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Christopher Ponce Campuzano was born in a small fishing town on the Pacific Coast of Mexico. His parents made tortillas; his dad also worked in the fields. It was a simple life without many opportunities — until his parents decided to move the family to the U.S. in search of a better life for their children.

Today, Ponce Campuzano is a first-year MD student at the OHSU School of Medicine — and the school’s first Deferred Action for Childhood Arrivals (DACA) medical student.

“My parents took a chance,” he said. “And now I’m here.”

Make it happen

Ponce Campuzano’s family started their life in the U.S. living with an aunt in Austin, Texas. Six people in her one-bedroom apartment. His dad worked construction; his mom cleaned houses. At night, they both worked janitorial jobs.

In school, Ponce Campuzano began seeking belonging and status through gangs and fights. He failed classes. He didn’t care if he finished high school.

But his parents persevered. They moved to a new neighborhood with a school specializing in science, technology, engineering and math (STEM). There, he joined the robotics club, and soon discovered his passion for math and science.

In Ponce Campuzano’s senior year of high school, President Obama announced the DACA program, which grants legal work authorization to qualifying undocumented immigrants who came to the U.S. as children prior to 2007, as well as temporary protection from deportation for a renewable period of two years.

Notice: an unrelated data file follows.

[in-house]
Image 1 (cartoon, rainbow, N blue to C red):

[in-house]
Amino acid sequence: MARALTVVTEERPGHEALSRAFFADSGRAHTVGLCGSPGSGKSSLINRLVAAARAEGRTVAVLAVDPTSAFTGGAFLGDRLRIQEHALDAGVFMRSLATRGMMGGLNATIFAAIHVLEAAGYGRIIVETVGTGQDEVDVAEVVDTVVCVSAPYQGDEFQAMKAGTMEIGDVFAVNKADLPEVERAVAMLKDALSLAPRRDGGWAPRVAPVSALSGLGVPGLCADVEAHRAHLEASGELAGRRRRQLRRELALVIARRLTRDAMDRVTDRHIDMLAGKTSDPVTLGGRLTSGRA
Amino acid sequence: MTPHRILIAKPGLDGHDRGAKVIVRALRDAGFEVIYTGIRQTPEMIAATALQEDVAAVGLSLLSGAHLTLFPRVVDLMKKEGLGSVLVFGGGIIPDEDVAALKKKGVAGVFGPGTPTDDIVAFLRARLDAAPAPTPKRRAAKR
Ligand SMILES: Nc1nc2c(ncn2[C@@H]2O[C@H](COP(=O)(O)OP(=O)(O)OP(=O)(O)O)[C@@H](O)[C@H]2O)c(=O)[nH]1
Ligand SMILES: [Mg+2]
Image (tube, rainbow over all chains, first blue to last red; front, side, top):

Excited, Ponce Campuzano woke his parents to share the news.

His parents said it sounded too good to be true. They feared answering the questions on the DACA form about how they had gotten into the country. They had always equated their safety with hiding.

Ponce Campuzano remained focused on the DACA path to legitimacy. During his first semester at Texas Tech University, he decided to submit a DACA application. But the process seemed overwhelming. He approached a professor at Texas Tech’s law school for help.

“He said he’d do it pro bono if I’d let his students work on the application,” Ponce Campuzano said. “Since then, we’ve become amazing friends.”

“I’d always heard, ‘No, no, no, you can’t. But finally, I could.”

Ponce Campuzano was granted DACA status. He felt enormous relief and, for the first time, a sense of security. He didn’t have to hide anymore.

Opportunities opened up. Ponce Campuzano could finally take his first plane ride — to attend the Society for Advancement of Chicanos/Hispanics and Native Americans in Science (SACNAS) conference in Los Angeles.